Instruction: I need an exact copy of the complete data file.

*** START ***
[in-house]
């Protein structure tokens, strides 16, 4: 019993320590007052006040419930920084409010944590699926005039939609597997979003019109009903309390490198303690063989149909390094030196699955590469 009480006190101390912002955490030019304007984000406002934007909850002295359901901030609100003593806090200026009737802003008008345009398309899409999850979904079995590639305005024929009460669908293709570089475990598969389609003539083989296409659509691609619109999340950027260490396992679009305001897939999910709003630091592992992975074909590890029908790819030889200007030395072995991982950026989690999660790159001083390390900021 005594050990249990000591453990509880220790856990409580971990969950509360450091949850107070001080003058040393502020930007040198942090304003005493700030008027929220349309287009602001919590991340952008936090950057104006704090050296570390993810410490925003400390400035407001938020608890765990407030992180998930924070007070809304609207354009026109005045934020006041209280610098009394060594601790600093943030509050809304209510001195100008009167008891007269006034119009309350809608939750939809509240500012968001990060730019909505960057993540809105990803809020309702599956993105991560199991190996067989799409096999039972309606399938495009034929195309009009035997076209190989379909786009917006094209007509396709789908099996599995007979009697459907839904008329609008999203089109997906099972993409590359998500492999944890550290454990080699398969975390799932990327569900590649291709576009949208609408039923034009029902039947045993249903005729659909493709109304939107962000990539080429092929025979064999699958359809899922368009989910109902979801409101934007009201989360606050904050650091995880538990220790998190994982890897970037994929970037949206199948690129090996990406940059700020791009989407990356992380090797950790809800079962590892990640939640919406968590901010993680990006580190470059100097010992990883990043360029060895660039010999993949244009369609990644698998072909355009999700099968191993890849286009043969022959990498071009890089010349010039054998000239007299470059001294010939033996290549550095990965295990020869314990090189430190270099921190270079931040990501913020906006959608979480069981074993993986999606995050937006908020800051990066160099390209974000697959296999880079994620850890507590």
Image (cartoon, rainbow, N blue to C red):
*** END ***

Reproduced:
[in-house]
């Protein structure tokens, strides 16, 4: 019993320590007052006040419930920084409010944590699926005039939609597997979003019109009903309390490198303690063989149909390094030196699955590469 009480006190101390912002955490030019304007984000406002934007909850002295359901901030609100003593806090200026009737802003008008345009398309899409999850979904079995590639305005024929009460669908293709570089475990598969389609003539083989296409659509691609619109999340950027260490396992679009305001897939999910709003630091592992992975074909590890029908790819030889200007030395072995991982950026989690999660790159001083390390900021 005594050990249990000591453990509880220790856990409580971990969950509360450091949850107070001080003058040393502020930007040198942090304003005493700030008027929220349309287009602001919590991340952008936090950057104006704090050296570390993810410490925003400390400035407001938020608890765990407030992180998930924070007070809304609207354009026109005045934020006041209280610098009394060594601790600093943030509050809304209510001195100008009167008891007269006034119009309350809608939750939809509240500012968001990060730019909505960057993540809105990803809020309702599956993105991560199991190996067989799409096999039972309606399938495009034929195309009009035997076209190989379909786009917006094209007509396709789908099996599995007979009697459907839904008329609008999203089109997906099972993409590359998500492999944890550290454990080699398969975390799932990327569900590649291709576009949208609408039923034009029902039947045993249903005729659909493709109304939107962000990539080429092929025979064999699958359809899922368009989910109902979801409101934007009201989360606050904050650091995880538990220790998190994982890897970037994929970037949206199948690129090996990406940059700020791009989407990356992380090797950790809800079962590892990640939640919406968590901010993680990006580190470059100097010992990883990043360029060895660039010999993949244009369609990644698998072909355009999700099968191993890849286009043969022959990498071009890089010349010039054998000239007299470059001294010939033996290549550095990965295990020869314990090189430190270099921190270079931040990501913020906006959608979480069981074993993986999606995050937006908020800051990066160099390209974000697959296999880079994620850890507590």
Image (cartoon, rainbow, N blue to C red):